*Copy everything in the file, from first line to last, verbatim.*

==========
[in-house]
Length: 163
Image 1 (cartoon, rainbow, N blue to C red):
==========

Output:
[in-house]
Length: 163
Image 1 (cartoon, rainbow, N blue to C red):